Only women who are already well on the route to becoming top-stars do lingerie advertisement photoshoots, yes? Go So-young, Song Hye-gyo, Kim Nam-joo, Kim Tae-hee, and others [at] that age have all appeared in lingerie advertisements for famous brands. However, in those showing off and exposing their S-lines is almost completely absent. Indeed, there are virtually none that show off the model’s body. Take more common ones featuring unknown models however, and the level of exposure goes up markedly. And if that woman becomes famous later, then this might come back to haunt her. For instance, Hong Soo-ah appeared in one wearing just lingerie and a bright smile, and this become a hot internet topic later. And Soo-ae and Oh Yoon-ah also have the experience of modeling lingerie before becoming famous.

그런데 일부 스타의 경우 지나친 노출 속옷을 찍어 구설수에 오르기도 했죠. 가수 아이비도 얼마 전 속옷 화보를 찍었는데, 노출이 너무 파격적이라 네티즌들의 입방아에 오르내리기도 했어요. 속옷 모델이라 어느 정도의 노출은 당연하지만 플레이보이 잡지를 연상케 하는 놰쇄적인 느낌이 너무 강했기 때문이죠. 속옷보다 아이비의 몸매가 더 시선을 끌었으니 주객이 전도된 경우라 할 수 있어요.

( Source )

In some stars’ cases, showing far too much in lingerie photoshoots gave rise to them being the subjects of malicious gossip and rumors. For instance, a little while ago Ivy [above] was in one. Because she showed so much of her body, a lot of netizens were gossiping about her. And while of course lingerie models have to show at least little of their bodies, in her case it was so much that it reminded you of Playboy magazine. Even though the photoshoot was supposedly for  showing off the underwear, it seemed to be showing off Ivy’s body far far more.

그렇다면 황정음의 경우는 어떨까요? 황정음의 속옷화보도 아이비에 버금갈 정도에요. 한번도 노출을 하지 않다가 왜 이렇게 파격적인 노출을 했는지 모르겠네요. 가슴이 훤히 드러난 사진을 보면 깜찍함은 온데 간데 없고 섹시함이 풍기는데 그리 귀티나는 이미지는 아니에요. 섹시미가 보이긴 보이는데, 인위적인 느낌이 든다고 할까요? 그리고 가슴이 드러난 사진은 뽀샵 흔적이 너무 강하네요.

If so, what to make of the case of Hwang Jung-eum? It’s very similar to Ivy’s. She’s never done anything like this before, so I don’t know why she suddenly appeared in such a revealing photoshoot. Her breasts are very exposed, she’s lost her cuteness, and while she gives off some sexiness she’s not very elegant-looking. Moreover, don’t you feel her sexiness is a little artificial? And there are signs that her breasts have been heavily photoshopped too.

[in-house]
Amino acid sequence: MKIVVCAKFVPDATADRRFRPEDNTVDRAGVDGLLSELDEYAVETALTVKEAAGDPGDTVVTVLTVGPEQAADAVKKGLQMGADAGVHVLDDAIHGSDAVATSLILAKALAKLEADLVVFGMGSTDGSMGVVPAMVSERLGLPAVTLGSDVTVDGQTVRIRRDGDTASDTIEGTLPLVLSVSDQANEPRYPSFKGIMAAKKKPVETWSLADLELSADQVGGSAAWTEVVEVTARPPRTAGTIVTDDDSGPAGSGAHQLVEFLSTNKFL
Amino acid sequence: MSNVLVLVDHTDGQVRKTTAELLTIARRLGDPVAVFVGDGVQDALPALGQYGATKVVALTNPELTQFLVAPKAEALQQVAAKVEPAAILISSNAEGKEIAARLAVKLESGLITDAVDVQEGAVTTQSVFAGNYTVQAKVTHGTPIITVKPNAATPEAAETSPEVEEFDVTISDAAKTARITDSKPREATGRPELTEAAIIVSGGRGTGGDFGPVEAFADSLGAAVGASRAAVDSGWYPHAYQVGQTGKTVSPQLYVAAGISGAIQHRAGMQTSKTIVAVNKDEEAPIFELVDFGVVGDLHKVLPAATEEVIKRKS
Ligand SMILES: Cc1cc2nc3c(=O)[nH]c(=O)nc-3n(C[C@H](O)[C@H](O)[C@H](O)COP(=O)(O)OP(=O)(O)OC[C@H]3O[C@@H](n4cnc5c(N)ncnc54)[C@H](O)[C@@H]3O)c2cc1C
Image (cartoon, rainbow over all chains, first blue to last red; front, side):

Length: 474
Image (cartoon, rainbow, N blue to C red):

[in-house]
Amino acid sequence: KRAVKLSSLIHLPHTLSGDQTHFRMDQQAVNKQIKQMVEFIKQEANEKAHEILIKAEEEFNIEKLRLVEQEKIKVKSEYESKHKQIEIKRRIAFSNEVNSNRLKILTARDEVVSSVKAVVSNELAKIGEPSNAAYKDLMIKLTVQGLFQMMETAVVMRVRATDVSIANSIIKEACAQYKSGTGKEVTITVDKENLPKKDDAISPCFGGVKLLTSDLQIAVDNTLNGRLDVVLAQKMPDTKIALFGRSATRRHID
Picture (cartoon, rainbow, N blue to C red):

요즘 ‘자이언트’ 촬영하면서 체중이 6kg 늘었다고 하는데, 다리를 보니 ‘말라깽이’ 그 자체네요. 보정작업 흔적이 역력한데 소속사는 촬영 후 보정을 하지 않았다고 합니다. 눈에 빤히 보이는 거짓말이죠. 황정음만 하는 것이 아니라 모든 모델이 뽀샵을 하는데, 왜 굳이 하지 않았다고 하는지 모르겠네요.

These days, while shooting for the drama Giant she gained 6kg, but her legs remain extremely thin. There are obvious signs that this was compensated for in the photos then, but her agency says this didn’t happen. But you can tell this is a lie. And it’s not like Hwang Jung-eum is the only model that gets photoshopped, so I have no idea why her agency would so adamantly deny it.

황정음 속옷 화보는 신세경과 비교해 보면 알 수 있어요. 신세경의 속옷 화보는 드레스에 속옷이 보일듯 말듯한 신비주의 컨셉으로 찍었어요. 이는 신세경의 청순미와 신비주의 컨셉이 딱 맞아 떨어진 절묘한 사진에요. 사실 이런 화보가 여배우에게 좋은 이미지를 남길 수 있어요. 물론 노출이 무조건 나쁘다는 것은 아니지만 황정음의 노출 화보는 그동안 쌓아놓은 깜찍 이미지를 한꺼번에 날릴 수 있는 위험한 화보에요. 지금 황정음은 나름 톱스타기 때문에 굳이 노출 화보를 찍을 이유가 없어요.

If we compare Hwang Jung-eum’s photoshoot with Shin Se-kyeong’s then I think we can learn the reason. The concept of Shin Se-kyeung’s photoshoot is a mysterious and subtle one that has the lingerie under the dress, leaving us always guessing as to whether we can see it or not. This mysterious and innocent-beauty concept is well suited to her image, and in fact it does no harm to any female actor. In contrast, while of course showing off one’s body is not bad per se, Hwang Jung-eum has long cultivated a very cute image and there is a danger that she’s ruined it all at once with this photoshoot. And seeing as she’s sort of a top star already now, then I don’t know the reason why she did it.

황정음은 ‘지붕킥’ 이후 돈과 인기를 한번에 거머쥔 스타인데, 화보촬영으로 돈을 더 벌려한 것은 아니라고 봅니다. 그렇다면 배우로서 깜찍, 엉뚱 이미지를 벗기위한 노출이라고 볼 수 있는데요. 한 번에 너무 파격적인 노출을 하다보니 그녀의 속옷 화보를 보고 당황스러운 사람이 많을 겁니다. 같은 속옷 화보를 찍어도 배우에 따라 그 느낌이 다른데, 황정음은 신세경, 한예슬과는 달리 ‘싼티’가 좀 풍기네요. 소속사는 다양한 모습의 황정음이 있다고 봐달라며 절대 이미지 변신을 위한 파격적인 시도는 아니라고 강조했는데요. 사진은 아찔한데 어떻게 그냥 일반적인 화보로 봐달라는 건지 모르겠네요.

( Source )

Hwang Jung-eum suddenly gained a lot of money and popularity through appearing in High Kick Through the Roof, so she didn’t do this photoshoot for the sake of money. Perhaps then, it was in order to lose her cute image gained through acting, even though many people will be confused by it because it is so revealing? But different actresses can do the same kind of lingerie photoshoots [James: this contradicts all the above, as they are quite different] and give off quite different impressions, and unlike Shin Se-kyeung or Han Yae-sul, Hwang Jung-eum comes across as very cheap. However, her agency stress that this photoshoot was absolutely not done to change her image, just to show a different side of her. Yet how can anyone claim it is just your average, run-of-the-mill lingerie photoshoot?